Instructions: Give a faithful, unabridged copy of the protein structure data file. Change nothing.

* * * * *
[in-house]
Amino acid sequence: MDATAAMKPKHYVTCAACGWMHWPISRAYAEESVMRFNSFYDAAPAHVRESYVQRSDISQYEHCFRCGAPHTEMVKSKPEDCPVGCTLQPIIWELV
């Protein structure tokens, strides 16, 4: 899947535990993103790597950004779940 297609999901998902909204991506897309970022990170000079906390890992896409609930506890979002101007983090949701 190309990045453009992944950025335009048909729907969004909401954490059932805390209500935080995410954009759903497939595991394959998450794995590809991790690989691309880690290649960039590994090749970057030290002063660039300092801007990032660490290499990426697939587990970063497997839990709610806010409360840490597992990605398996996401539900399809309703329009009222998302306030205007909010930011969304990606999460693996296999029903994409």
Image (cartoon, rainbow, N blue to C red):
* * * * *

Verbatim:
[in-house]
Amino acid sequence: MDATAAMKPKHYVTCAACGWMHWPISRAYAEESVMRFNSFYDAAPAHVRESYVQRSDISQYEHCFRCGAPHTEMVKSKPEDCPVGCTLQPIIWELV
């Protein structure tokens, strides 16, 4: 899947535990993103790597950004779940 297609999901998902909204991506897309970022990170000079906390890992896409609930506890979002101007983090949701 190309990045453009992944950025335009048909729907969004909401954490059932805390209500935080995410954009759903497939595991394959998450794995590809991790690989691309880690290649960039590994090749970057030290002063660039300092801007990032660490290499990426697939587990970063497997839990709610806010409360840490597992990605398996996401539900399809309703329009009222998302306030205007909010930011969304990606999460693996296999029903994409």
Image (cartoon, rainbow, N blue to C red):